Detail from Virginia and Maryland As it is Planted and Inhabited this present Year 1670
A detail from the map Virginia and Maryland As it is Planted and Inhabited this present Year 1670 shows the counties that existed at that time south of the James River and Jamestown (upper center). The counties of Isle of Wight, Nansemond (spelled Nantemond here) and lower Norfolk then contained a sizeable population of Puritans, many of whom had been attracted by the Bennett family who owned thousands of acres along the Nansemond river. A creek named after the family, "Bennets Cr," is depicted on the map at the mouth of the river.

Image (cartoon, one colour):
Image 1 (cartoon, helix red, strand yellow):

The cartographer Augustine Herrman, a native of Prague, took more than a decade to survey and draft the map, which was published in London in 1673. Lord Baltimore commissioned the map and granted Herrman a large estate called Bohemia Manor in present-day Cecil County, Maryland, for his efforts. The Herrman map and the John Smith map of 1612 remained the most important renderings of the area until the Fry-Jefferson map was published in 1753.